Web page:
Both War Breads and the Preservation of Food were published in 1917 by the Ontario Department of Agriculture (ODA) and the Ontario Women’s Institute (WI). Established in 1888, the ODA endeavoured to “improve the quantity and quality of agriculture” by providing guidance and instruction for production methods, farm management, and marketing. The ODA was an important surveyor of wartime food consumption and preservation, advising Ontarians through the publication of cooking pamphlets how to adjust their menus and favourite recipes.
The Women’s Institute was also a key component in the campaign to cut back. Initially founded by domestic science crusader Adelaide Hoodless in 1897, the WI had become a popular organization for rural and farm women by 1917. Most WIs and their members wholeheartedly supported the war effort, engaging in a variety of patriotic work such as sending supplies overseas and raising money for the Red Cross. They continued their pre-war agenda of rural home improvement by offering Ontarians instructions and guidance for the growing of “Victory Gardens” and canning and preserving their home-grown produce.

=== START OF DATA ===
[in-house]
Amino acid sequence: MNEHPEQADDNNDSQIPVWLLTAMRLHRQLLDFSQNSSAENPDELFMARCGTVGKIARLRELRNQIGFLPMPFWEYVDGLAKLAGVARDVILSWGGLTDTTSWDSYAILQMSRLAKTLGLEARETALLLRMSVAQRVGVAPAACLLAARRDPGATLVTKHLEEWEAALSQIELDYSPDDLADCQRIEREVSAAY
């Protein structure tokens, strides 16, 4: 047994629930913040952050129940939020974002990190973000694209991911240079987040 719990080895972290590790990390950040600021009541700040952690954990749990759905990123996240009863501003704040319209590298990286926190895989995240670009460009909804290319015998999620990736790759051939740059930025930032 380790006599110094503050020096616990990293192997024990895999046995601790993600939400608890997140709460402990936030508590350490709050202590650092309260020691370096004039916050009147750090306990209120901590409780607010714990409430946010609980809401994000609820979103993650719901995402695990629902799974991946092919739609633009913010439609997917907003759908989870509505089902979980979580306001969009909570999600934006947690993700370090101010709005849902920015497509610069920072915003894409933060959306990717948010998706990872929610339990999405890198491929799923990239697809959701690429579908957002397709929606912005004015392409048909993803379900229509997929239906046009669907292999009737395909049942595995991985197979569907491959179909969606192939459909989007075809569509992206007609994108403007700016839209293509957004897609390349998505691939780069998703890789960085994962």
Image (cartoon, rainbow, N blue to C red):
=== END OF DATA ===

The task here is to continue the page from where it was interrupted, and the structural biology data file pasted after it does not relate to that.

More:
Chapman, Ethel. War breads: How the Housekeeper May Help to Save the Country's Wheat Supply. Toronto: Ontario Department of Agriculture. 1917. Gift of Una Abrahamson. Archival & Special Collections, University of Guelph Library.